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Impact of Significant Decreases Over Time in the Proportion of Sexually Active Medicaid Women Who Had Papanicolaou Testing or Were Pregnant on Trends of Overall Chlamydia Testing Rates

Tao, Guoyu, PhD; Kreisel, Kristen, PhD; Gift, Thomas L., PhD

doi: 10.1097/OLQ.0000000000000895
Notes

We examined Medicaid claims data during 2004 to 2013. The proportion of sexually active females aged 15 to 25 years who had Papanicolaou testing or were pregnant significantly decreased during 2004 to 2013 (67.0% to 43.9%, P < 0.05), resulting in a slowed increasing trend in overall chlamydia screening rates. Structural-level interventions for improving chlamydia screening are urgently needed.

The proportion of young sexually active women who had Papanicolaou testing or were pregnant significantly decreased during 2004 to 2013, potentially resulting in a slowed increasing trend in overall chlamydia screening rates.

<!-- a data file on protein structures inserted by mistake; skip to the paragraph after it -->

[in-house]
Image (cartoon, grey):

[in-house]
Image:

From the Division of STD Prevention, National Center for HIV/AIDS, Viral Hepatitis, STD, and TB Prevention, Centers for Disease Control and Prevention, Atlanta, GA

Conflict of Interest and Sources of Funding: None declared.

OMB/CDC Disclaimer: The findings and conclusions in this report are those of the authors and do not necessarily represent the official position of the Centers for Disease Control and Prevention.

Correspondence: Guoyu Tao, PhD, Division of STD Prevention, NCHHSTP, Centers for Disease Control and Prevention, 1600 Clifton Road NE, MS-E80, Atlanta, GA 30333. E-mail: gat3@cdc.gov.

Received for publication April 23, 2018, and accepted July 2, 2018.

© Copyright 2018 American Sexually Transmitted Diseases Association